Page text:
Just over one month ago, Ray Evernham and Tony Stewart announced the formation of a new racing series, that being Superstar Racing Experience.
SRX won’t run a single race until summer 2021, but Evernham wants to focus on reducing aerodynamics, in turn rewarding driver skill and mechanical grip. Over the past month, SRX has shown features of the car sporadically on Twitter, giving fans a glimpse of what’s to come in the near future.
More to come… 😎 pic.twitter.com/ZaNoMH4nov
— Superstar Racing Experience (@SRXracing) August 4, 2020
Since then, three-time NASCAR Cup Series champion Stewart, longtime NTT IndyCar Series driver Tony Kanaan and Paul Tracy have all been announced as competitors for the 12-driver field. On Wednesday (Aug. 12), 2000 Cup champion Bobby Labonte was added to the list.
It’s safe to say the 21-time Cup winner is excited for the opportunity to compete in SRX.
“After talking to Ray over the past few years and knowing how he operates, it’s going to be nothing but first class,” Labonte told Frontstretch on Friday (Aug. 14). “Knowing that he’s behind it and so involved in it, I think that’s going to be really great.
“I think it’s going to be really exciting. I can’t wait for it to happen. We’ve got a year to get ready for it, they’ve got a lot of work to do and we’ll find out more drivers and tracks, venues and things like that as time goes on. It’s going to be exciting, good, for sure.”
Labonte said he’s known Evernham had a vision to form a series like SRX for a couple of years now, mentioning it off and on when running into the driver at the racetrack. But when it was clear it was going to happen, it was a no-brainer for Labonte to join as a driver, who still runs roughly a dozen races per year.
“We always just talk and he said he was working on it, working on it, hoping to get something done,” Labonte said. “I said, ‘OK, that sounds awesome.’ I had done the IROC series before, he mentioned it would be similar to that. Anyway, he said, ‘I’ll keep you in mind, I’ll let you know what’s going on.’
“I knew they were getting closer and heard through the grapevine they were getting pretty close, so I reached out and said, ‘Did you get your deal done?’ just asking the question, because I knew he was working on something. He said, ‘Yeah, absolutely. Do you want to be in?’ I said, ‘Yeah, sure.’ Long story short, it didn’t take long from him to say, ‘Hey, do you want to be in,’ for me to say yes.”
Labonte confirmed the plan is to run all six races, as SRX has reportedly been looking at venues such as Eldora Speedway, Five Flags Speedway, Knoxville Raceway, New Smyrna Raceway, Stafford Motor Speedway and Terre Haute Action Track at which to compete.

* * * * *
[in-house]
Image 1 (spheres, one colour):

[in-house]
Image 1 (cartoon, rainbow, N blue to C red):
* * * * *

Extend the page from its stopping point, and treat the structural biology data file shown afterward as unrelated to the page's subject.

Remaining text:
Evernham’s creation also allows drivers from all realms of motorsports to come together and compete against each other for possibly the first time. That idea intrigued Labonte, who has never raced against the like of Tracy, though he ran against Kanaan three times on dirt in the Prelude to the Dream race at Eldora.
“For me, it’s about racing cars, driving cars, and hopefully, if next year is like last year, by the time July comes around, I might have raced a dozen times anyway,” Labonte added. “It’s about racing against guys you might have never raced against, some of them maybe you have, and it’s an opportunity for that. I think being on the ground floor of Ray and Tony’s and this series, I think it’s kind of groundbreaking.”
Back in the late 1990s and early 2000s when NASCAR wasn’t so dependent on aerodynamics, Labonte thrived, winning all of his 21 Cup races in an eight-year span. Between ’97 and ’02, he made 17 IROC starts, winning three times.
He believes a series like SRX – which is envisioned to be similar to IROC – fits his driving style.
“Sometimes it suits your style, sometimes it doesn’t,” Labonte said. “There’s definitely less plug in and play…. You’re going to have to figure it out pretty quickly on your own and maybe not rely so much on your team and engineer to have it figured out for you before you get there and go with it.
“It should be in the driver’s hands more, I hope it’s like that.”
One of SRX’s rules is that drivers will draw for their cars and crew chief, evening out the playing field. Each group will essentially just get a toolbox to work on their respective car throughout the brief practice session ahead of the race. This rewards drivers who can feel out the mechanics of a racecar and relay that to their crew chief.
Labonte said, “I think it’s based for equal cars, and so the drivers and crew chief A, B, C, D, in practice – you can tell them what the car is doing, you’ve got to communicate and I don’t feel like there’s going to be 32 engineers downloading stuff on you. You might have to do it purely off what your butt feels like and you have to tell that to the crew chief and he has to understand it and put something into [the car] or take something out of it.”
The goals for SRX, Labonte believes, should be to put on a good show for the fans, allowing drivers from different series of all ages to compete against one another.
But in the end, it’s still a race.
“You want to win it all so you have bragging rights,” Labonte said. “At the end of the day it’s about winning.”